To be bold is to have a sense of adventure. For Roberto Coin, the Italian jewelry designer’s latest collection, dubbed Sauvage Privé, features malachite and black jade mixed with diamonds in mostly rose gold settings.
The semiprecious stones are somber in color and are usually not the first choices in haute jewelry settings. Besides, the Sauvage Privé bangles and rings are more angular than curvy.
But anyone who tries them on is pleasantly surprised to find the pieces are wearable and go well with casual and formal threads.
The rose gold also complements skin tone very well.
A preference for bold
Philip Nicholas Grima, Coin’s sales director for Asia, observed that Filipinos who love jewelry are more interested in “bolder designs, maybe a little more visual pieces.”
Grima points out: “My personal opinion is that your cultural history
—Hispanic and American colonization
—created a taste for jewelry… rather different from the rest of Asia and Southeast Asia. While others would go for more gem-set pieces, here we have more ‘bold gold’ designs, typically Italian types of jewelry.”
Does Grima mean adventurous? “Exactly!” he blurted.
The executive knows jewelry and precious stones. His father Andrew was a pioneer in modern jewelry design and whose pieces wowed royalty. His mother is descended from a line (that counts Pope Paul III as a family member) which has sponsored artists since the Renaissance.
Element of pleasure
Grima is more businessman than artist, but credits “the unnecessariness of jewelry in life” as a lifelong fascination. He trots the globe as managing director of CKC Jewellery Co. Inc., which sources gemstones for Roberto Coin.
“Jewelry is not a fundamental thing we require for our living but for the beautification of the wearer. That gives me pleasure,” he told Lifestyle.
Grima proudly declared that Roberto Coin, which comes up with 500 to 600 new designs every year for 62 countries, has been “a bit of a pioneer in the use of rose gold in the business.”
Rose gold, Grima noted, is “more feminine than yellow gold, which is more traditional.”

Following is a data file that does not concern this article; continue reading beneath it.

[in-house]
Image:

Couple the precious metal with Sauvage Privé’s green and black gemstones and it suggests “a private wildness, something more personal,” he added.
This specific collection is considered one of the most avant-garde among Roberto Coin creations, designed with “the woman of the future” in mind.
“Conservative and classic gemstones are not really our strength. We intentionally avoid using what everybody else is using,” Grima stressed.
He added that Coin, as a designer, has always asserted that dressing a woman means she has to look different every time.
“This is the reason Coin creates new designs every year. His aim is that anybody who buys new clothes doesn’t buy the same dress again. So we always look for the possibility of dressing a customer differently every time,” Grima explained.
Roberto Coin has several collections available at Rustan’s.
Apart from Sauvage Privé, the Animalier has whimsical pieces inspired by nature; the Princess Collection has satin finish bracelets; the Princess Flower consists of romantic pieces; the Venetian Princess is more mysterious; the Roman Barocco features delicate gold wire; while the Symphony’s design inspires the wearer to stack several rings and bracelets in one go.
Grima pointed to Roberto Coin’s signature detail—the hidden ruby inside each piece that comes in direct contact with the wearer’s skin. Ancient Egyptians believed rubies had magical powers that bestowed prosperity, happiness and longevity when worn against skin.
“Roberto Coin wants the woman who wears his pieces to enjoy the same beneficial properties,” Grima said.
Roberto Coin is sold exclusively at Rustan’s branches in Makati, Shangri-La Plaza, Cebu and at Newport Mall, Resorts World Manila.